Lesson 1131 – Real Soup in a Cup – A thrifty and healthy lunch

Several people pointed me to this news story that has made the rounds recently. Basically, it’s the lament (whining) of a 350 lb. woman on benefits (she lives in the U.K.) She currently receives about $32,000 year (includes public housing) and claims that she remains fat because the government is not giving her enough money to buy healthy food or to join a gym. If she only had more money, she claims, she would be able to lose weight.I’m not even sure where to start with this one.

First, if you look at her cupboard, you’ll soon realize that the woman wouldn’t know healthy food it came up and bit her on her substantial bum. Second, last time I looked, walking was free.

As a mother of 6, I have spent years figuring out how to feed my kids a healthy diet without breaking the bank. I’m all about saving money and I’ve written about it in newspaper and magazine columns and articles. I’ve even taken the SNAP challenge and did quite well on less than $35/week (and I also showed how I could *save* money while on SNAP.

My kids, deprived beings that they are, very rarely get grocery store cookies, cereals, or soda. They just don’t because none of us need that garbage. The other night we had a cake for a birthday celebration. We all enjoyed it because it was special. Cake is celebration food – it’s not something that should be eaten every day.

Some of my readers have asked me to write again about how I plan our weekly menu and then how I shop for it. (I routinely spend about $160 – $180/week to feed our family of 7 adults – that comes to about $26/week. And trust me, when money was *really* tight, I’ve fed everyone for less.)

I have a few other projects to finish up, but in the next few weeks, I will do just that. I’ll share our weekly menu (something I do every Sunday morning) and my shopping list. I’ll make the meals for the week and will show you exactly what we eat.

If one spends $180/week on food that comes to $9360 per year. That’s a far cry less than $32,000 (and remember, I’m feeding 7 adults (our youngest is 15) – the woman in the news article is feeding herself and two children.) With the money I could save on her benefits, I could probably afford to buy a second-hand bike which could provide even more exercise.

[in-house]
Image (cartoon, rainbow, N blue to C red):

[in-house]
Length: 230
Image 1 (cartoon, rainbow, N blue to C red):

Until I do my menu sharing, to start things off, I’ll give you a quick money saving healthy recipe which I plan on using for the entire winter.

Thrifty Recipe: The Day-After Soup
I have long kept a “soup” container in my freezer where I put leftover bits of this and that that I include in the next batch of soup I make. Don’t know why it never occurred to me to do this on a daily basis, but now that the weather is getting colder I’m going to start. Who wouldn’t want a warm bowl of soup with some crackers or buttered toast for lunch?Okay ready for the recipe? Here it is:

Instead of throwing away the tiny bits of leftovers from dinner, gather them and fill a portable soup bowl about halfway.

IMG_20141006_110232058_HDR
In this photo, I’ve placed some lettuce, butternut squash, onions, and peppers along with some of the crusty drippings from the pork loin pan of that night’s dinner. I also added a few slices of pepperoni because I thought I’d need flavoring, turns out I didn’t.At lunch or meal time, add 2 tablespoons of tomato paste and heat in the microwave.

What you get is a chunky tomato-based soup.

IMG_20141006_110935623_HDRWhen we have a roast chicken later in the week, I’ll set aside a few bits of the chicken when I pick the carcass clean. (I figure an ice cube amount for each bowl of soup is good.) One will go in my bowl for soup the next day and the others will go into the freezer for the days that I might need to add to my day-after soup.

If you assume the cost of the food was covered in the cost of the dinner, this meal comes to the price of 2 tablespoons of tomato paste, a slice of toast and a pat of butter – pennies. If you wanted to, you could sprinkle the soup with cheese or add half a sandwich (which is what you’d get if you ordered soup and sandwich in a restaurant.) Even with half a sandwich added, it’s still a low-cost meal.

And it’s yummy and filling.

If I worked at an office, I’d pack this all the time. Just add the water at work, heat and let your office mates drool over your delicious, healthy, and very thrifty lunch.

***

Wendy Thomas writes about the lessons learned while raising children and chickens in New Hampshire. Contact her at Wendy@SimpleThrift.com

Also, join me on Facebook to find out more about the flock (children and chickens) and see some pretty funny chicken jokes, photos of tiny houses, and even a recipe or two.

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1 Comment

Filed under Challenges, Food Savings, Life Lessons, New Hampshire, Personal, Recipes, Simple Thrift Tips, The Family

One response to “Lesson 1131 – Real Soup in a Cup – A thrifty and healthy lunch

  1. cinnamon chaisson

    i live on 11,000.00 a year, this has to pay for rent, utilities, insurance, food, and everything else. this woman is complaining because she ONLY gets 32, 000? i think i will move to Britain. (joking)

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